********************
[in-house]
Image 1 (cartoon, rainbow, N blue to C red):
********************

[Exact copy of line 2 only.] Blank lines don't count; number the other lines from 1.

Image 1 (cartoon, rainbow, N blue to C red):